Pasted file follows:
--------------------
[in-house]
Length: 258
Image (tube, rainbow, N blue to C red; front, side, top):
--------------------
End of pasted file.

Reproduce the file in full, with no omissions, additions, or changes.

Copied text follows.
[in-house]
Length: 258
Image (tube, rainbow, N blue to C red; front, side, top):